For most of us, asbestos is a term associated with severe health risks and disease. For over five decades, we have known about the link between asbestos exposure and certain types of cancers and lung diseases. While thousands of people continue to suffer the ill effects of asbestos exposure, fortunately, in most countries, government regulations and enforcement have brought bans of its use and other strong protections against exposure. However, asbestos continues to be a major issue at the global level. And while governments in the western world have done a lot to protect their own citizens, at the same time, some of them are exporting known health risks to the large parts of the world, such as Africa and Asia, where bans maybe don’t exist, regulations are weak, and enforcement is flawed.
Workers in the developed world, and particularly Asian countries, face the severe health risks of asbestos that first-world workers are now generally protected from. In Asian ship-breaking yards in India, Bangladesh and China, for example, it is common for asbestos insulation to be removed by hand, laid out to dry in the sun, and then later re-sold. All this time, the workers are breathing asbestos-laden air. In factories in Hong Kong, workers cut asbestos bags open manually or with hammers, sending asbestos dust into the air, coating all the surfaces of the factory. Industrial factories lack proper ventilation systems and workers are not provided with appropriate masks to protect their lungs.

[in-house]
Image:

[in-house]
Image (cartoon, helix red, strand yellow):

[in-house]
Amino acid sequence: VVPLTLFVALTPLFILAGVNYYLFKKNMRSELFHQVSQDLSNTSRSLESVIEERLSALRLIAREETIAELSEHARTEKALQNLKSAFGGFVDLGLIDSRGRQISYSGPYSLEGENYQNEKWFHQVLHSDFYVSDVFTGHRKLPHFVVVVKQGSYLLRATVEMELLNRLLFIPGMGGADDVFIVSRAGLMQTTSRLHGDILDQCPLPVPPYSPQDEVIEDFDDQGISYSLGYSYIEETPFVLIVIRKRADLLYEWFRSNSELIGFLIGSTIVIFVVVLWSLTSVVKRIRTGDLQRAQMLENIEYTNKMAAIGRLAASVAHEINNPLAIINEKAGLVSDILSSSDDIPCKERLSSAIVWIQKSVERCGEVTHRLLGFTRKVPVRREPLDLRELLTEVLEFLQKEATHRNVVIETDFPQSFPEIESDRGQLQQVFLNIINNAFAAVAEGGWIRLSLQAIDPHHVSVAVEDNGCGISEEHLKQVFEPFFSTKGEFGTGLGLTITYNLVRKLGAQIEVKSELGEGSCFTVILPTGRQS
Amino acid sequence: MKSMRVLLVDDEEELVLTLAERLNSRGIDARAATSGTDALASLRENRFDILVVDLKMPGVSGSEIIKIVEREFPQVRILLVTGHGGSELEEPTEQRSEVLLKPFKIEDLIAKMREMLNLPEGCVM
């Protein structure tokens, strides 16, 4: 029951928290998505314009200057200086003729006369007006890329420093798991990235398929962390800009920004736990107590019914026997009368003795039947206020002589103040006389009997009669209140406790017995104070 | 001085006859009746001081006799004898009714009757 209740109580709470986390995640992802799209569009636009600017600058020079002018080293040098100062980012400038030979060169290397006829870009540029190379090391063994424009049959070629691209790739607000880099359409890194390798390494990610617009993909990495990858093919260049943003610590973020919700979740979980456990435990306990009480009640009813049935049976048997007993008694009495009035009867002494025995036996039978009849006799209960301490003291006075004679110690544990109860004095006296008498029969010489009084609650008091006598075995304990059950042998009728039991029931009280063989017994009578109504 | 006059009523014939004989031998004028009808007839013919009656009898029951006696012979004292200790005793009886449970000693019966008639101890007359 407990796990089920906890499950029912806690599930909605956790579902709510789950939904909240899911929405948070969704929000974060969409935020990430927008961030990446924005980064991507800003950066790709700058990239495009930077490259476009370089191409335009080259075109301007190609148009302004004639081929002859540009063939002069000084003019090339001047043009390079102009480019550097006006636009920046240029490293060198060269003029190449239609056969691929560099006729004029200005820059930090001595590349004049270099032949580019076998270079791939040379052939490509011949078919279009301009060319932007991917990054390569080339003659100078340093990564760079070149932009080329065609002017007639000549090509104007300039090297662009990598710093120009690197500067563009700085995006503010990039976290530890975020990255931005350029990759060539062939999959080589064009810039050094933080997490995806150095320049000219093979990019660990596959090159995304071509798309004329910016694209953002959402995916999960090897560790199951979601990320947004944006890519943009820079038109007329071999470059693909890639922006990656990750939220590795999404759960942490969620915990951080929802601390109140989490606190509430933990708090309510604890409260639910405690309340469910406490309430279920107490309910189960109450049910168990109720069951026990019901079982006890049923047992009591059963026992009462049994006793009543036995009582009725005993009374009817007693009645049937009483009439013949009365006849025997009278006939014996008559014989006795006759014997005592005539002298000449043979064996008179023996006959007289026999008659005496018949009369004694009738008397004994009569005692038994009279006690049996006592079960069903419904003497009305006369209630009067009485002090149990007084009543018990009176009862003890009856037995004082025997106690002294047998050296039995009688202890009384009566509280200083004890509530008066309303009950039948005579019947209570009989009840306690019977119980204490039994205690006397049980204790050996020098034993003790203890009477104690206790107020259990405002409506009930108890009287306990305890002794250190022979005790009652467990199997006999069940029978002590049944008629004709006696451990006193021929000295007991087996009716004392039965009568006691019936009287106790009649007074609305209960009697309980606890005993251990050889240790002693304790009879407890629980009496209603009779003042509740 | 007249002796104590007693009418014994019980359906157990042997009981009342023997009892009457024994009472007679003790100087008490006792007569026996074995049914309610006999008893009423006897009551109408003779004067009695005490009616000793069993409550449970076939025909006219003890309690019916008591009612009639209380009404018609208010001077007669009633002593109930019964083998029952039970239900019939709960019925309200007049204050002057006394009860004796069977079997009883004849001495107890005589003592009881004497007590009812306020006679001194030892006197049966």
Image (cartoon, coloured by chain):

Tragically, developed nations play all too big of a role in creating and maintaining these hazardous working conditions. Canada, in particular, has played a central role in promoting the sale of asbestos to developing countries. Despite nearly universal calls for stopping the production and use of chrysotile asbestos, and despite its ban in most industrialized countries, Canada continues to promote it on a global scale. Many of these tactics seem particularly underhanded: Investing millions of dollars in promoting asbestos in developing countries; misinformation campaigns about the hazards of asbestos; use of intimidation, trade threats, and political interference in other countries to prevent bans and regulations; and preventing information about the dangers of asbestos from getting to developing countries. In the year 2000, Canada was the world’s largest exporter of asbestos. Today, it is fourth, behind Russia, Kazakhstan and Brazil. As the developed world has put the brakes on the use of asbestos, countries like Canada turn to less developed regions of the world to keep their profits intact.
Over the last several decades, global campaigns have fought to get governments around the world to put in place stronger legislation and regulation to protect workers against asbestos exposure. Today, a major part of the struggle to protect these workers is now getting countries to stop exporting asbestos and to put a halt to companies profiting off of such a deadly substance.